Navigation

Bill for hailstorm damage continues to climb

A hailstorm that pelted Switzerland on July 23 caused more damage than previously thought, a reinsurance group said on Friday.

This content was published on July 31, 2009 - 12:18

The Intercantonal Reinsurance Union estimates that damage from the storm could reach SFr300 million ($275 million), up from SFr80-120 million estimated earlier this week.

That figure includes claims for property, vehicles and agriculture. Farmers have filed more than 5,000 claims for destroyed corn, potatoes and other crops.

"Because of holidays, all claims have not been announced yet," the reinsurer's head of communications, Rolf Meier, told the Swiss news agency. Property owners in canton Bern have up to two years to claim damages.

Insurer Mobiliar said it would pay out close to SFr56 million and Allianz said estimated it would cover SFr30 million in damages for roughly 13,000 policyholders.

AXA Winterthur said on Friday it would pay out compensation in excess of SFr60 million for 20,000 damaged cars.

The storm, which swept across western and central regions, generated hailstones as large as five centimetres in diameter – about the size of tennis balls. It pummeled swaths of cantons Vaud, Fribourg, Bern, Lucerne and Nidwalden.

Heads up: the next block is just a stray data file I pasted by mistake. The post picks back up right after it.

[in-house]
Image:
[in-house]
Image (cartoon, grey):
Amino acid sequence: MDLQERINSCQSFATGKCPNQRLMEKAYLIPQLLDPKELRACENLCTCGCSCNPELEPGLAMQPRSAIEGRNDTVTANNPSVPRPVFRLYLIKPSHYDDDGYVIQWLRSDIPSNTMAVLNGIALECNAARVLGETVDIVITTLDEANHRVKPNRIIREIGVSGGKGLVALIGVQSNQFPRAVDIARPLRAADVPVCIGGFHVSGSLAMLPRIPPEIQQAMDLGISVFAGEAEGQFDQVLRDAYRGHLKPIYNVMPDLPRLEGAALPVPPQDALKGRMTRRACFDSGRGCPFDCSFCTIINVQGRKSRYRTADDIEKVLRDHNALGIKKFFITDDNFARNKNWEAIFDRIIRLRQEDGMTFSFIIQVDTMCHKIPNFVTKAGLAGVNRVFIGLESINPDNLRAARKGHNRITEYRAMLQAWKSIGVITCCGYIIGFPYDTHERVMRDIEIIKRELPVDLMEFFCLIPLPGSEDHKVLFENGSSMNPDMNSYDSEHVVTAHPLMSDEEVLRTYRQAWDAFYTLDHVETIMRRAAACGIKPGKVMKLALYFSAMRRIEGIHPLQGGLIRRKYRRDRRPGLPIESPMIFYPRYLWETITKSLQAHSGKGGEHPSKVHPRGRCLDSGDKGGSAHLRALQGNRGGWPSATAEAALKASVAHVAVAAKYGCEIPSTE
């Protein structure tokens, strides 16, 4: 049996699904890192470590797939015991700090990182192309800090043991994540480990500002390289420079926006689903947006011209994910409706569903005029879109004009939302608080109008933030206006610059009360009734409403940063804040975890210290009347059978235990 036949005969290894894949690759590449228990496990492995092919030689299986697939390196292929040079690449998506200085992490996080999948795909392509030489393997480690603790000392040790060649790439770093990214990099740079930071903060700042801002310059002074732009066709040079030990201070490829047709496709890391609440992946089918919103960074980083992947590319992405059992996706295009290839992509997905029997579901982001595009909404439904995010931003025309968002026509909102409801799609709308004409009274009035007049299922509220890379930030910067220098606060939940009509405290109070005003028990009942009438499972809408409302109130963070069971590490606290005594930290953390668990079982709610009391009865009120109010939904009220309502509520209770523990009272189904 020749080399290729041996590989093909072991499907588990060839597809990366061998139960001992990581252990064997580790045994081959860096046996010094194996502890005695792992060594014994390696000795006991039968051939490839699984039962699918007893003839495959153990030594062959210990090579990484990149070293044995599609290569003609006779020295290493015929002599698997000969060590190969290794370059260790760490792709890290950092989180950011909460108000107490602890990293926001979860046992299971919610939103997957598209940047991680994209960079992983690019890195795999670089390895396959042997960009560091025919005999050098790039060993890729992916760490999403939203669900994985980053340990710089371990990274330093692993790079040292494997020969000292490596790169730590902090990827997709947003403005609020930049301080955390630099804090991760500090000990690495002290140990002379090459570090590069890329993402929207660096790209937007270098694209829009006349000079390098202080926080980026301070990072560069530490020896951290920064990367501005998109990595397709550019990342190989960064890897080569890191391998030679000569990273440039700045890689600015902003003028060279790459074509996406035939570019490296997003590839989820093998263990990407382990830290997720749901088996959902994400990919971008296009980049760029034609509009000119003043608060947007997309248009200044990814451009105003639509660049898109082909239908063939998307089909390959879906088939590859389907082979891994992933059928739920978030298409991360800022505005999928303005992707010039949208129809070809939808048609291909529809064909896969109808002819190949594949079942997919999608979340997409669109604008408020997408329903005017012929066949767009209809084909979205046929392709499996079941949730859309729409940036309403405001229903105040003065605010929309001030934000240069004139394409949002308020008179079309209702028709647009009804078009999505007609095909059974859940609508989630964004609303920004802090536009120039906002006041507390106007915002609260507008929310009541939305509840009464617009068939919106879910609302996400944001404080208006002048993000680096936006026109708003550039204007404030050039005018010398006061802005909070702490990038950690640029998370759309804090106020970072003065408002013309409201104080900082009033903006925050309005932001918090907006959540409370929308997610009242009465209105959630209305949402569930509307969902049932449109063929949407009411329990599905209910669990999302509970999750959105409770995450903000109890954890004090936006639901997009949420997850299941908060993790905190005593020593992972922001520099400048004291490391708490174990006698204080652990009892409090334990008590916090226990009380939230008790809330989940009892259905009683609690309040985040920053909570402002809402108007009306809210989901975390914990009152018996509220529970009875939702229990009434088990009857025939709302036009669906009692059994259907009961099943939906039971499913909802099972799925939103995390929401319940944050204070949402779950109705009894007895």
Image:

The storm also caused flooding in cellars, which pushed the bill higher.

Insurance companies often use reinsurance companies to help cover claims in the event of widespread damage.

swissinfo.ch and agencies

Articles in this story

This article was automatically imported from our old content management system. If you see any display errors, please let us know: community-feedback@swissinfo.ch

In compliance with the JTI standards

In compliance with the JTI standards

More: SWI swissinfo.ch certified by the Journalism Trust Initiative

Contributions under this article have been turned off. You can find an overview of ongoing debates with our journalists here. Please join us!

If you want to start a conversation about a topic raised in this article or want to report factual errors, email us at english@swissinfo.ch.

Share this story

Change your password

Do you really want to delete your profile?